(Photo by Juliet Shen)
By now you may have heard of Technically Talent, the platform we created to give readers a deeper look at the company culture of some of the region’s top startups. This is one in a series of articles checking in on how hires made through the platform are fitting in at their new workplaces.
There is a palpable sense of ease in the office at Perpay.
Team members work at long wooden tables in the converted loft-space office. A tricked-out coffee bar and piped-in music add to the relaxed, yet busy vibe. As the Philly-based startup grows, it has been steadily adding to its workforce. Perpay’s COO, Nikos Petrides, says the company hopes to double its staff in the next 12 months.
Director of Risk & Analytics Zach Binkley (formerly of JPMorgan Chase), Software Engineer Jacky Lee (a Stanford grad and Silicon Valley transplant) and Director of Finance Michael Drobny (formerly of KPMG) sat down with us to chat about making the transition from a large company and moving back to Philly from the West Coast.
Technically Talent: What factored in to your decision to join this company?
Zach: One of the things that really spoke to me, coming from the largest bank in the United States to a very small shop of 15–16 people, was really the customer focus and the mission of treating each customer like a true individual versus just a number on a balance sheet at the end of the year. There’s a lot of red tape at traditional financial agencies and there’s a lot that you can get bogged down in and lose sight of the day to day, but here we are able to see our impact right away.
Jacky: I came from a startup background and the biggest thing I look for are the company’s culture, who I’ll be working with and the company’s mission. And I felt like Perpay had all of those already checked off for me when I interviewed here. You want to be in an environment where people are constantly challenging you and can help you grow, so I really liked that. And in terms of its mission, what resonated with me was, just helping people financially.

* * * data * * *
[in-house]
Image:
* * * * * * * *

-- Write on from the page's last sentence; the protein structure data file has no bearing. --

TT: How has this company’s culture changed the way you work, or how you work with others, compared to your last job?
Zach: At JPMorgan, I would spend probably 70–80 percent of my time sitting in meetings where we’d talk about what needed to get done, and then had to check in with any number of internal regulatory groups to see if we could do it. Here I’m able to sit with the engineering team directly and get faster turnaround and real-time feedback on projects, as to what’s feasible or not, versus wasting time filling out forms and going back and forth between different departments.
TT: Has that had an effect on your personal life?
Zach: Yeah. It’s a much more enjoyable workplace, overall. By far. It gives you a lot of validation seeing the faster turnaround times that things are able to be deployed.
Michael: The big difference for me was going from working on a project where the team was 100 people — that’s way bigger than our entire team here. And I think it’s just the hierarchy and the accessibility to the people around you. Everyone is on the same playing field and, as the guys talked about, everyone is aimed toward the same mission. You feel like you’re making strides forward at your own pace and you kind of set the bar where you want it to be.
TT: What projects are you working on?
Jacky: I’m on the engineering team and I’ve been working on this one project where we’re trying to decrease the operation team’s operational load in terms of customer support, and trying to be more proactive in getting customer’s questions answered.
So I’ve been working on building a self-help tool that can be easily accessed from any page on the website. If a customer has any questions, they can just navigate through the tool. We are on the tail end of getting the first iteration out so we can see how our customers act with it and hopefully make better iterations quickly.
TT: What’s been the most surprising thing, so far, about coming here to Perpay?
Jacky: Coming back to Philly after seven years, I’m most surprised about how much the city has changed. I went to grade school and high school here — Stephen Girard, Holy Redeemer and then Roman Catholic — and coming back after all this time, you really see how many more young people are here, and even just how people interact has changed. I have high hopes for the city. It’s always been on my mind to come back after learning what I could in California and take it back to my community. So that’s my goal.
Michael: One of the great things about this place, coming from a very traditional corporate environment, is that every Monday morning we start out with a meeting, and everyone has a few minutes to talk about what they did that weekend, or update on some part of their life. It’s just a nice way to start off the week and something completely different than what I’ve experienced before. Above all else the levels of transparency here are unbelievable. It really is like everyone has a stake and a claim and feels that they’re part of the mission. It’s part of the culture here.-30-
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